In Portugal we are still in an "official" drought since November/December 2004.

The situation is not that bad, but all the country is considered to be in a drought, altouhg a weak one.

But the amount of water in the soil that the plants can use is below 50% of the normal in all the country.

The fact that there are more people in the world consuming water is not the real problem, humans consume little amounts of water when compared with some industries.

Also, in the poorer countries they usually do not have to wash the car, they do not use washing machines for the laundry or the dishes, etc.

PS: 2005 was not the worst year in the last 300 years, it was the worst since 1931, we should never believe all that the media says.

posted on Jun, 4 2006 @ 11:03 PM

Warning of regular water bans in South

The prospect of water bans, standpipes and drought orders becoming commonplace in some parts of Britain will be raised this week in a hard-hitting report that calls for urgent action to confront the crisis.

In a stark conclusion from five months of expert hearings, the Lords' science and technology committee will say that the government and the water regulator must dramatically raise their game if they are to head off increasingly serious shortages, particularly in the south of England.

The committee report, to be published on Tuesday, will increase pressure for concerted action by government, the regulator Ofwat and water companies which have recently reported hefty profits.


More lovely info for this thread....

[edit on 4-6-2006 by loam]

posted on Jun, 5 2006 @ 08:25 AM
And another....

Desert cities are living on borrowed time, UN warns

The 500 million people who live in the world's desert regions can expect to find life increasingly unbearable as already high temperatures soar and the available water is used up or turns salty, according to the United Nations.

Desert cities in the US and Middle East, such as Phoenix and Riyadh, may be living on borrowed time as water tables drop and supplies become undrinkable, says a report coinciding with today's world environment day.

Twentieth-century modernist dreams of greening deserts by diverting rivers and mining underground water are wholly unrealistic, it warns.


posted on Jun, 6 2006 @ 08:20 PM
more news relating to water shortages and the inevitable consequences are coming to the forefront.

Spain`s water reserves still shrinking
MADRID, Spain (UPI) -- Spain`s water reserves at a 10-year low amid an ongoing drought, said the country`s Environmental Ministry, El Mundo reported online Tuesday.

The country`s reserves stand at about 56 percent of capacity, said officials Tuesday. Water levels at reservoirs have dropped for the fifth consecutive week, EFE news agency reported.

Spain is undergoing its worst drought in nearly a century.

and in England

British Lawmakers Say Water Prices Must Rise in Face of Drought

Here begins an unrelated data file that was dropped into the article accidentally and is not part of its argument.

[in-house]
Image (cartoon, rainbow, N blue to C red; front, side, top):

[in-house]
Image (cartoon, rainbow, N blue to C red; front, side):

June 6 (Bloomberg) -- British water prices must increase to fund investment in pipes and reservoirs as the government and companies such as Thames Water Plc try to cope with the country's worst rainfall shortage in more than 70 years.

and in China

Beijing warned of 2008 water shortage
Beijing residents are being warned to start taking action to save water or face a massive shortage of 1.1 billion cubic meters by 2008.
The estimate of the shortage was based on the city's current water consumption and efficiency levels, said Ma Weifang with the city's sustainable development promotion committee.

The city's annual per capita reserve stands at about 300 cubic meters, while an acute shortage is generally deemed to be 1,000 cubic meters or less.

But the situation could still be salvaged if all conservation measures were implemented and use of recycled water increased, Ma said.

and in Nigeria

Water shortage hits Jigawa
Water shortage has hit Dutse, the capital of Jigawa State and other parts of the state. Nigerian Tribune gathered that residents were expressing fear over possible outbreak of water-borne diseases.

Reports from the state showed that the people could not remember the last time they had water from taps in Dutse and other major towns in the state.

Nigerian Tribune findings revealed that most of the open wells and hand pumps were dry. People in the affected areas now depend on stagnant water that came with the recent rainfall.

It would seem that climate change and population stress on old existing systems is accelerating the water shortage situation faster than I have been anticipating.

posted on Jun, 6 2006 @ 09:13 PM

Originally posted by worldwatcher
...faster than I have been anticipating.

I quite agree!
This could make oil as relevant an issue as ice-cream.

posted on Jun, 7 2006 @ 11:24 PM

Crisis looms as Lake Victoria shrinks at an alarming rate

At first scientists dismissed concerns about declining water levels in Lake Victoria as normal and assured worried fishermen that all was well.

But five years later, it is clear this is no ordinary phenomenon as the experts had said.

What started as a small problem has sparked an international environmental crisis.

Africa's largest fresh water lake is shrinking at an alarming rate, posing a threat to the livelihoods of some 30 million people.


I think that article speaks for itself.